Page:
Steel cross frames on PS beams1 DayMultiple cross frames can be completed in one day
Bolted beam splices on steel beams1 DayExcept for very large connections, in most cases multiple connections can be completed in one day.
Welded beam splice on steel beam2 DaysLarge beam splices may take longer
Cast-in-place closure pour splice on PS beams2 DaysTime includes forming multiple splices and placing of concrete
Live load continuity connections on concrete and steel beams3 DaysTime includes forming multiple closure pours and placing of concrete

*The time for cast-in-place concrete is based on the use of high early strength concrete that can be cured rapidly.

2.3.7 Recommendations for Improvements to Current Practices

The connections described in this section are quite common and well tested. They result in durable stable connections.

2.3.8 Connection Detail Data Sheets for Decked Stringer Systems

The following pages contain data sheets for the various decked stringer systems. This information was primarily gathered from agencies that have developed and used the systems. Most data in the sheets were provided by the owner agency; the authors added text when an agency did not supply all requested information. The owner agencies also provide a comparative classification rating.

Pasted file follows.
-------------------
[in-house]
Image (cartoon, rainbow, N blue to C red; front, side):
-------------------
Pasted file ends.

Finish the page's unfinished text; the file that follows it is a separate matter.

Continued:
Each connection detail data sheet is presented in a two-page format. Users of this Manual can simply remove and copy a data sheet for use in developing a system for a particular project. These sheets are meant to give users a basic understanding of each connection that can be used during the type study phase of a project. The data sheets are not meant to be comprehensive, but do convey the component make-up of the detail, how it is meant to function, and provide some background on its field application. Users will need to investigate each connection further, consider site-specific conditions, and apply sound engineering judgment during design.

The key information provided for each connection is as follows:

  • Name of the organization that supplied the detail
  • Contact person at the organization
  • Detail Classification Level
    • Level 1
      This is the highest classification level that is generally assigned to connections that have either been used on multiple projects or have become standard practice by at least one owner agency. It typically represents details that are practical to build and will perform adequately.
    • Level 2
      This classification is for details that have been used only once and were found to be practical to build and have performed adequately.
    • Level 3
      This classification is for details that are either experimental or conceptual. Details are included in this Manual that have been researched in laboratories, but to the knowledge of the authors, have not been put into practical use on a bridge. Also included in this classification are conceptual details that have not been studied in the laboratory, but are thought to be practical and useful.
  • Component Connected
  • Name of project where the detail was used
  • Manual Reference Section The section(s) of this Manual applicable to the particular detail shown.
  • Connection Details
  • Description, comments, specifications and special design procedures
  • Forces that the connection is designed to transmit
  • Information on the use of the connection (including inspection ratings)